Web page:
Given the fact that operators cannot suffer losses of regulated amounts, this 115 million-euro amount shortfall will need to be recovered by DEDDIE through network tariffs to be set by RAE, the Regulatory Authority for Energy, for the next few years.

The tariff’s implementation will be spread over time to avoid overburdening consumers, sources informed.

DEDDIE’s robust financial standing is essential for the electricity network’s operation, development and maintenance.

The operator’s role is also of pivotal importance for the country’s energy transition, placing emphasis on renewable energy and decentralized production, explained RAE official Nektaria Karakatsani.

New minister set to present PPC recovery plan details

Hydropower units belonging to the power utility PPC will not be sold; NOME auctions will be abandoned; and electricity costs for consumers will not rise, the newly appointed energy minister Costis Hatzidakis is expected to announce later today when the New Democracy party presents its wider  policy program.

The minister is also expected to present details of a plan to seek strategic investment into distribution network DEDDIE once control of the network is transferred from PPC to the subsidiary with the permission of creditor banks.

Prime Minister-elect Kyriakos Mitsotakis is expected to make a general announcement on this network sale plan before his energy minister follows up with further details. The procedure will offer full protection for PPC’s interests, including compensation for the sale, the government officials are expected to stress.

The minister’s plan for an end of NOME auctions, launched about three years ago to offer independent parties access to the power utility’s lower-priced lignite and hydropower sources, was approved by the country’s lenders last week at a meeting between the two sides in Athens.

A transition plan leading to the launch of the target model, to offer market coupling, or harmonization of EU wholesale markets, is expected to be reached between the minister and the lenders when they next return to Athens for official talks in September. The transition plan will be designed to ensure that supply markets remain fully operational ahead of the target model’s launch.

The energy minister’s promise of no electricity cost increases for consumers will be accompanied by details of the state-controlled power utility’s more ruthless handling of unpaid receivables owed by consumers believed to be able, even affluent, but unwilling to cover their power bill debts. PPC is under financial pressure.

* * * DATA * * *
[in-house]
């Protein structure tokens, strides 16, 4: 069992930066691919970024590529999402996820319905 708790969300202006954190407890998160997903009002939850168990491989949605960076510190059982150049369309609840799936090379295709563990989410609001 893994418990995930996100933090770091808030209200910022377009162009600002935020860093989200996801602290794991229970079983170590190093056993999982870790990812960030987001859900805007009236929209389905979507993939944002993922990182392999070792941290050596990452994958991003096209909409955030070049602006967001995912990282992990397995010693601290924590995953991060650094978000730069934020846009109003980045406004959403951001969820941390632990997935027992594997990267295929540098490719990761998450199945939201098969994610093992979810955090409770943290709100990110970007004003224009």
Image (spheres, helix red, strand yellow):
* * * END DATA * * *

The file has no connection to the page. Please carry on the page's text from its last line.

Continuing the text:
The government intends to reshape PPC along the lines of the transformation of telecommunications company OTE, a corporation in which the Greek State now holds just 5 percent, Deutsche Telekom being the main shareholder with a 45 percent stake.

Besides preventing a systemic crisis posed by PPC’s current financial woes, a rebound by the power utility would also send out a positive message for the Greek market to domestic and foreign institutional investors.

 

 

 

Grid on edge, new energy ministry notes, fearing blackouts

The newly elected conservative New Democracy government’s energy ministry fears repeats of recent blackouts experienced in Athens and Crete’s Lasithi region, in the event of protracted heatwaves, contending the grid’s powers are insufficient.

The new energy minister Costis Hatzidakis is taking every opportunity to warn that the country’s grid would find itself under severe pressure should weather conditions hit extreme situations for extended periods. Blackouts are the worst nightmare for any newly appointed energy minister.

“The grid has reached its limits,” Hatzidakis told local media over the weekend.

The system has faced additional pressure over the past few days as a result of severe storms in Halkidiki, northern Greece, which killed 7 persons.

HEDNO/DEDDIE, the operator managing the mainland’s distribution network, has decreased its investments by 39 percent over the past three years.

The operator is also believed to be severely understaffed, in terms of technical personnel, and short of spare parts needed for the grid’s security. These factors have contributed to delays in repair work, new connections and required upgrades of old infrastructure.

 

New power demand record set yesterday, forecast exceeded

A new winter season electricity consumption record was set by the grid yesterday, exceeding levels reached during the energy crisis in the winter of 2017.

Power grid operator IPTO’s forecast of 178,000 MWh for yesterday ended up reaching 185,000 MWh, setting a new record for one day’s demand during the winter.

IPTO’s miscalculation prompted lower day-ahead market levels and a lower System Marginal Price (SMP) of 75.70 euros per MWh. This wholesale price level would probably have been higher had the operator’s electricity demand forecasts been more accurate.

The operator’s miscalculation has been attributed to a misjudgement of the impact on electricity demand of the return to normal work and production schedules following the festive season.

The winter weather conditions were milder yesterday compared to Tuesday but the return to full-scale operations at most schools, businesses and industrial enterprises was underestimated. January 6, Epiphany (Theofania), is a public holiday in Greece.

IPTO had forecast a demand level of 7,770 MW for midday yesterday but the actual level reached 8,996 MW. The forecast for 1 pm was 7,750 MW but ended up reaching 8,936 MW, while the forecast for 2 pm, 7,670 MW, was also less than the resulting 8,904 MW figure.